I quite like the idea of all of us on our tea round having networked tea-warmers, though: that'd make for a nice unobtrusive groupware app which could send me an email when we all run empty and/or low and it's my turn to brew up.
JKew, Jan 28 2003
  

       // Google Search for "Mug Warmer" //   

       *boggle* I had no idea there _was_ such a thing as an electric mug warmer. They don't seem to exist in the UK.
JKew, Jan 28 2003
  

       Apparently a 2GHz Pentium 4 dissipates 90 W of heat: that should be more than enough to keep your coffee warm. Ignoring heat loss, that could boil 300 ml of coffee in under 12 minutes.
kropotkin, Jan 28 2003
  

       //[Shz] You should be ashamed of yourself.......//   

       Sadly, I’m not. The coffee tastes a bit too much like the flavor they used to serve at Motorola. Doesn’t taste burnt or fishy though, ‘cause it’s locally monitored and regulated.
Shz, Jan 28 2003
  

       All the croissants in all the coffee shopsin the world wouldn't be enough for this idea. ok it probably wouldbe, but its still good.
notme, Jan 28 2003
  

       While thinking about warming a cup of coffee with a Palm Pilot, and presumably draining the batteries, I got to thinking that maybe we should be powering the computer off the heat in a cup of coffee.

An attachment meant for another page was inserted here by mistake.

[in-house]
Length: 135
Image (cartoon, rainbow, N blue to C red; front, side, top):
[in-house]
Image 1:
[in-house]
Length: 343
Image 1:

DrCurry, Jan 29 2003
  

       Dr Curry: You could use some sort of Stirling Engine (which generates energy by heat differences) dipped in your coffee to run your palm pilot. I've no idea how much power you'd get out of it.   

       The efficiency of this solution isn't that great, however: owing to evil thermodynamic-type principles, you're far better off using the electricity you use to heat the coffee to run your computer rather than having the intermediate step.
kropotkin, Jan 29 2003
  

       If you're stuck in the jungle, hot coffee may be easier to come by than electricity. (Though probably not a whole lot easier.)
DrCurry, Jan 29 2003
  

       Charlie Stross's weblog [link] linked to a Japanese manufacturer [link] which appears to bake this idea precisely.   

       *boggle*
JKew, Feb 28 2003